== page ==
Dan McGrathChicago Tribune
If enough people are willing to shell out $100 for the pay-per-view telecast, Floyd Mayweather Jr. and Conor McGregor could earn nine figures each for the “spectacle” they’re staging in Las Vegas on Saturday night.
Lisa McClellan, meanwhile, lives on a disability stipend of $1,920 a month her brother receives, plus the occasional kindness of strangers.
She might watch the contrived showdown between the boxer and the brawler “if my boyfriend buys it,” Lisa says, “but I’m not buying it. I refuse to support a sport that doesn’t take care of its own.”
Gerald McClellan, older by a year at 49, is the brother with whom Lisa shares a small, well-kept home on a dead-end street in the well-worn town where they grew up. Gerald was once in Mayweather’s line of work and did well at it, rising to the the top of the middleweight division with ferocious punching power.
McClellan was the world middleweight champion with a 31-3 pro record and 20 first-round knockouts when he entered a London ring to fight fellow bomber Nigel Benn on Feb. 25, 1995. Ten rounds later, the G-Man was a diminished man, battered and brain-damaged from a bout still remembered for its mutual devastation.
Emergency brain surgery removed a blood clot, and he was kept in a medically induced coma for two weeks in the hope that bleeding and swelling would subside. But the damage was permanent. Now totally blind and 80 percent deaf, McClellan spends most of his time in a beige recliner in a dimly lit living room, surrounded by photographs tracking his development from impishly smiling schoolboy to boxing-ring terror.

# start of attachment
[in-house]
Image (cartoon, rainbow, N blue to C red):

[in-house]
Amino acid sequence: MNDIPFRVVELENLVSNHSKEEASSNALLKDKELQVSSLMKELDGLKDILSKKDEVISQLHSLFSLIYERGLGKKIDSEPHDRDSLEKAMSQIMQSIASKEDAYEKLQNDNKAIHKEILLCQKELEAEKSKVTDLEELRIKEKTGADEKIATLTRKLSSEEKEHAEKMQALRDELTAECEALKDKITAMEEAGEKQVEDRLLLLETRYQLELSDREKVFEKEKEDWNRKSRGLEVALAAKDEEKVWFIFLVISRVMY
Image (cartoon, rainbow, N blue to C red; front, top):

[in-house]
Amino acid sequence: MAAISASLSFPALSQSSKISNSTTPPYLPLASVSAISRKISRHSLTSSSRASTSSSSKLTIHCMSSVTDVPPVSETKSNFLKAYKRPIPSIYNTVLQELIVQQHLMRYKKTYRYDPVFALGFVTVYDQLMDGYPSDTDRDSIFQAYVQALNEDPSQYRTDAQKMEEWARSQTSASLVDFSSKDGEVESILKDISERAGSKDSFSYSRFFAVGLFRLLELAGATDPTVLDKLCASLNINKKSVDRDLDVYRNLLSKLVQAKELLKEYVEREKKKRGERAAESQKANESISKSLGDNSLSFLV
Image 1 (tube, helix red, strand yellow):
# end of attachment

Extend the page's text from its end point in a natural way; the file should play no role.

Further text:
Lisa can interpret each low growl and high-pitched yelp as Gerald struggles to be understood. She sees him ease from sad frustration into teddy-bear gentleness when 5-year-old grand-niece Zaria climbs aboard his lap to snuggle. He can feed himself but requires help with all other functions.
After 22 years as his caregiver, Lisa remains as attentive to her brother’s needs as a mother to an infant’s, having put her own life on hold to assume the responsibility.
“It’s been hard,” she concedes. “But my mom raised us to look after each other, and I guess I’m just doing what’s expected. And now I’m so far in it, and he relies on me so much that I could never walk away and live a peaceful life not knowing what would happen to him.”
Her devotion cost her a marriage when her ex-husband’s family pushed to place Gerald in a nursing home.
“He was having a bunch of issues,” Lisa recalls. “My mother-in-law suggested I needed to be more of a wife and mother than caregiver, so maybe it was time for Gerald to be in a home. They didn’t understand my priorities. Gerald wouldn’t do well with strangers caring for him. It has to be family. So I got rid of them instead, the mother-in-law and the husband.”
Gerald McClellan is counted out by referee Alfred Azaro in the 10th round of his super-weight title fight against Britain’s Nigel Benn at the London Arena on Feb. 25, 1995.
Photos and plaques of boxer Gerald McClellan adorn the walls of his Freeport home that he shares with his caregiver and sister Lisa.
(Stacey Wescott / Chicago Tribune)
Older sister Sandra was Lisa’s 50-50 partner in Gerald’s care until two years ago, when her own health issues caused her to step back.